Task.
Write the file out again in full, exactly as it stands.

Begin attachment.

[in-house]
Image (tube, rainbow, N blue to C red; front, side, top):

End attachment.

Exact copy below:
[in-house]
Image (tube, rainbow, N blue to C red; front, side, top):